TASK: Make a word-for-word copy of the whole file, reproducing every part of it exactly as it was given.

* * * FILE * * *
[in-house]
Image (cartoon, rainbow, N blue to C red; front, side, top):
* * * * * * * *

[in-house]
Image (cartoon, rainbow, N blue to C red; front, side, top):